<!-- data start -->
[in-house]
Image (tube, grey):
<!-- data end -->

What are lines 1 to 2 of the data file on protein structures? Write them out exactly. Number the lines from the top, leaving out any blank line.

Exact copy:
[in-house]
Image (tube, grey):